EPA: The blueprint decreases funding for the Environmental Protection Agency by $2.6 billion, or 31 percent, to $5.7 billion. The EPA's Office of Research and Development would be cut by $233 million, or almost 40 percent, to $250 million.
NASA: NASA would not see a steep overall cut, with a call for $19.1 billion in funding—a decrease of 0.8 percent. The budget blueprint calls for:
- $624 million designated for research and development
- $1.9 billion for missions to Europa (fly-by only) and Mars
- $3.7 billion for further space exploration
However, it eliminates NASA's Office of Education and cancels a number of missions including four earth science missions.
NIH: The National Institutes of Health would be funded at $25.9 billion—a $5.8 billion, or 18 percent, cut from FY17. Trump calls for a major NIH reorganization to focus on "highest priority research" and eliminates the NIH arm focused on global health.
NSF: Notably, the National Science Foundation is not mentioned in the president's budget request. While not included in the list of programs targeted for elimination, the blueprint indicates that it is a part of a group of agencies slated for a 9.8 percent cut. How that cut would be applied by the Trump administration is unclear.
USDA: The Department of Agriculture would see a dramatic 21 percent cut. The good news is that the plan expresses support for what NACUBO presumes to mean the Agriculture and Food Research Initiative (AFRI); however, details are sparse on what Trump has in store for other USDA funding lines important to land-grant programs. The plan simply states, with no additional detail, that it:
"Continues to support farmer-focused research and extension partnerships at land-grant universities and provides about $350 million for USDA's flagship competitive research program. In addition, the Budget focuses in-house research funding within the Agricultural Research Service to the highest priority agriculture and food issues such as increasing farming productivity, sustaining natural resources, including those within rural communities, and addressing food safety and nutrition priorities."
Other USDA Cooperative State Research, Education, and Extension Service programs may face dramatic cuts and sweeping changes.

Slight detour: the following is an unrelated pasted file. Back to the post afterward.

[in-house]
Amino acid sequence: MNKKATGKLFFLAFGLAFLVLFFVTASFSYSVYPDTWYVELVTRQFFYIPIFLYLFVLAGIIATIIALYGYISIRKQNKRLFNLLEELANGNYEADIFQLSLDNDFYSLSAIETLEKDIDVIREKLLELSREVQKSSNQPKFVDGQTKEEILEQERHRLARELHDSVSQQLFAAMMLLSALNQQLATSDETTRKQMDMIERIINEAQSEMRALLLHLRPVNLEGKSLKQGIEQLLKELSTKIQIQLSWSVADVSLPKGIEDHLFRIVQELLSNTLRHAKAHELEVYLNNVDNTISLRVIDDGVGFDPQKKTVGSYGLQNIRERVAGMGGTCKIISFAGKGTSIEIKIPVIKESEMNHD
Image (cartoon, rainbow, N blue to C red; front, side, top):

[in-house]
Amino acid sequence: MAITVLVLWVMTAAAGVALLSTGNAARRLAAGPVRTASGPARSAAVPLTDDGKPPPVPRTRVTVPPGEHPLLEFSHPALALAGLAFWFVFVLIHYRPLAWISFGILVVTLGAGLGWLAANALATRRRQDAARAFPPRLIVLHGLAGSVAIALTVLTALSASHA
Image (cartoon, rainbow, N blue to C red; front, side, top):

The blueprint includes a $2.5 billion (a 21 percent decrease from FY17) cut to the Department of Labor, including elimination of and reductions to several federal job training grants and programs, shifting responsibility for funding to state and local governments and employers, likely including those programs authorized by the Workforce Innovation and Opportunity Act.
It is possible, if not likely, that Congress will continue to fund the federal government at current levels for the remainder of FY17. Similarly, gridlock in Washington—debates over efforts to repeal and replace the Affordable Care Act and on tax cuts—could keep Trump's budget plan for FY18 from gaining traction. One possibility is that government programs in FY18 will be level-funded with a small across-the-board cut.
Concerned business officers should coordinate with their campus government relations staff and other administrators to determine how their institutions should respond to the budget proposals. Consider how your institution's research activities might be impacted by deep cuts to science programs. Inquire if your libraries will have fewer resources as a result of the elimination of IMLS, NEH, and NEA. How would a dramatic reduction in campus-based aid affect your student body?
These budget proposals and other federal actions could change the way colleges and universities deliver services and meet their educational missions. NACUBO urges business officers to actively engage to help illustrate how these budget changes can affect the institution's ability to carry forward its educational mission.
Director, Federal Affairs